Health Team

Study: Don't mix herbal remedies and heart drugs

Posted February 8, 2010 7:34 p.m. EST
Updated February 8, 2010 7:37 p.m. EST

Herbal supplements, including ginkgo biloba, garlic and St. John's wort can pose risks when taken with medications for heart disease, according to a new study.

More than 15 million Americans use herbal remedies or high-dose vitamins. But the elderly should be especially careful when taking supplements since they are already at risk for bleeding, the study authors say.

“I think that one of the most common misconceptions that people have about herbal remedies is that they are natural and therefore they are good for you, and that couldn't be further from the truth,” said Nieca Goldberg, MD, clinical associate professor of medicine at the NYU Langone Medical Center in New York City.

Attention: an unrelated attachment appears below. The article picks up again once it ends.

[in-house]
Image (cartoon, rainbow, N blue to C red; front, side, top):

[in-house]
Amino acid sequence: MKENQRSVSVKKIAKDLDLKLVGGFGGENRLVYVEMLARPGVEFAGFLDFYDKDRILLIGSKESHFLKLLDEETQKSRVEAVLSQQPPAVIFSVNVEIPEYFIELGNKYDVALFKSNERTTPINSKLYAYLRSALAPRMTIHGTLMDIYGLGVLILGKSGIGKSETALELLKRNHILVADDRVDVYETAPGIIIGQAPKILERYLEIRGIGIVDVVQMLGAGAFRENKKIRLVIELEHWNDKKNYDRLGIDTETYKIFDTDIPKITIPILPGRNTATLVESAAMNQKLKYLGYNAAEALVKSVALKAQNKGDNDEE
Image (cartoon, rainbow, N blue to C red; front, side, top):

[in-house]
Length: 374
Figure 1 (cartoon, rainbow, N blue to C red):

The study found that the St. John's wort, which is often taken to treat anxiety, can reduce the effectiveness of certain heart drugs.

Ginkgo biloba and garlic supplements can increase bleeding risk when taken with blood thinners, according to the study.

Another concern is that people are not disclosing the use of herbal remedies, which are not subject to same regulations as traditional medications, to their doctors.

“Not telling your doctor is probably the most dangerous thing that you can do for yourself,” Goldberg said.

The supplement industry also urges people taking herbal remedies to speak with their doctors.

“I try to be very careful that I don't take anything that might interact,” said Dale Burg, who takes herbal supplements. “You can't diagnose for yourself just because it's in the store and available without a prescription."

The study is slated for publication in an upcoming Journal of the American College of Cardiology issue.